Museums are embracing the digital age, and are developing digital strategy integrations to meet audience members where they already are. From Facebook, to online galleries, to Medium posts and everything in between, museums are putting their content online and in front of audiences so they can engage on a deeper level.
As users are engaging with these digital spaces more often, it may seem excessive to plan out the details, or for museum staff to ask themselves what the purpose of each app is and why they should be on one particular app over another (or hey, why not both?). Setting up a Facebook page is so simple, it might not feel like it should be part of a larger plan.
However, everything the museum does should revolve around the institution’s mission, so each activity should have a clear justification. Creating a detailed plan will provide that justification, and give your team an accurate idea of the amount of work needed to produce high quality digital content. Further, it helps you to know what content will help you achieve your goals in an organized and efficient way, because you don’t have hours to spend doing unnecessary work.
To help with this, some digital project planning templates are available online. The South West Museum Development Programme (SWMDP) lists some of these in their digital document, A Guide To Writing a Digital Strategy.
But what if you want to integrate a digital strategy with a strategy that already exists?
In order to fully meet your institution’s goals, it’s important to continuously adapt your digital strategy as new circumstances in the planning process arise. The SWMDP provides some suggestions for alternative strategic plans, “Rather than thinking about digital as a standalone activity, you might want to consider embedding your approaches to digital activity into your current strategies, or reframing objectives within your Forward Planning document with a digital focus.” Here, rather than creating a single digital strategy, the digital initiatives are woven into to the overall strategic plan for the institution.
Another option is to consider strategic goals and actions already in place, and develop digital objectives that may help to meet those goals. The SWMDP gives this example:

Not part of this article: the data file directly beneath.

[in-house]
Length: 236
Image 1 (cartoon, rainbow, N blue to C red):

Forward Plan Goals
- To make our permanent collections available to a wide audience through free admission
- To increase retail sales and improve customer service
- To increase use of on site evaluation to better understand our audiences
- To respond to tourism priorities (regional or national)
Digital Strategy Goals
- To offer online access to parts of our permanent collection through Collections Online, social media and other online interpretations such as blogging
- To improve the customer experience of buying tickets and other merchandise online
- To collect customer data online wherever possible and to use online evaluation tools (i.e. Survey Monkey, Audience Finder) to better understand our audiences
- To use third party online tourist platforms to market the museum (i.e. Visit England)
Here, adding elements of the digital strategy into the overall strategy helps to accomplish the institution’s larger goals.
Depending on the institution, implementing your digital strategy integration into a broader institutional strategy may be helpful, but it’s important to remain committed to the digital processes. If the digital strategy feels like an afterthought to the institutional strategy, it’s less likely to be implemented successfully.
Getting your digital strategy integration right is paramount, so make sure to involve all of your key players across the institution and bring it into the heart of your overall strategy, and you’ll be well on your way a successful digital implementation.